Currently, paper applications take about 100 days and online applications take about 85 days. Processing times are subject to change and are updated weekly on the CIC site.
If you are interested in studying in Canada you need to apply for a study permit. You must apply for a study permit before you come to Canada, and should apply as soon as you receive your letter of acceptance. Permits are available for 1 to 3 years and can be extended. The standard fee is $125.
Study permit holders can obtain a temporary work visa that allows you to work up to 20 hours per week either on or off campus while you remain enrolled full-time. You must be admitted to study in an eligible Canadian institution, have no criminal record, provide evidence of good physical health and demonstrate that you will be able to cover your expenses, including tuition, while you are in Canada.
If you do not require a visa for entrance and wish to study in Canada for less than six months, you do not need a study permit. You also may not need a study permit if you are accompanying a family member who is accredited by Foreign Affairs and International Trade Canada as a staff member or foreign representative. If you are a uniformed member of the armed services of foreign countries serving under the Visiting Forces Act, you may also be eligible to study in Canada without obtaining a student visa. However, any family members that accompany you, including your minor children, must apply for temporary residence visas.
Currently, paper applications take about 80 days and online applications take about 40 days. Processing times are subject to change and are updated weekly on the CIC site.
If your application is approved, you will receive a letter of introduction confirming the approval. This letter is not your study permit. Bring the letter of introduction with you to show to immigration officials at the point of entry when you arrive in Canada. A temporary resident visa (TRV) will be issued if you are from a designated country for which Canada requires a visa. The expiry date on this visa indicates the date by which you must enter Canada. The TRV will also indicate if you can enter Canada only once (a single-entry visa) or if you can enter Canada multiple times (a multiple-entry visa). If there are no problems at the point of entry, the officer will let you enter Canada and will issue your study permit.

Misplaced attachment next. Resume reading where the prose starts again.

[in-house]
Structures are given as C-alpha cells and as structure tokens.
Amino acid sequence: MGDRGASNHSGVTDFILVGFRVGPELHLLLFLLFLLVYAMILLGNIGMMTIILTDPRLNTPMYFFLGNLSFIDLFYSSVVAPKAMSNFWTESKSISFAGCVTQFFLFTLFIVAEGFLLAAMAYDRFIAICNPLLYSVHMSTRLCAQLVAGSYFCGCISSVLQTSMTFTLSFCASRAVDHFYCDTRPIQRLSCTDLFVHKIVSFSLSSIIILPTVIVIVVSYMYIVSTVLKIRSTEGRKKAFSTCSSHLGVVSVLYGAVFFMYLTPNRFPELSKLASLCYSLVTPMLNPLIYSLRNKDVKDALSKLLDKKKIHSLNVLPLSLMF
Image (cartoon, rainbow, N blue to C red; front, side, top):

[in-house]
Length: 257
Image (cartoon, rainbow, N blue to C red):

If your application is not approved, the visa office will send you a letter explaining why your application has been refused. An application might be refused for several reasons:
If you have questions about your refusal, contact the visa office that issued the refusal letter (details will be supplied in the letter).
According to the country and the language spoken, it may also be called the Permis Vacances-Travail (PVT), the Visa Vacances-Travail (VVT), the Working Holiday Program (WHP) or the Programa de Vacaciones y Trabajo (PVT). Best known in Canada as the International Experience Canada (IEC) initiative, this program provides work permits to young people aged 18-35 who are from one of the countries that have a bilateral reciprocal youth mobility arrangement or agreement with Canada (for the list, see our article on Jobs/Summer, Seasonal and Short-Term Jobs).
The 4 categories include: Working Holiday, Young Professionals, Internship related to studies, and Summer jobs.
This program also allows for people to find independent / freelance work. You still must prepare invoices and report this activity on a Canadian tax return (however, you don't have a right to Social Security).
The downside is that this program fills up very quickly. The program for 2012 filled up within 12 days! Generally, quotas open in the fall and there is no waiting list.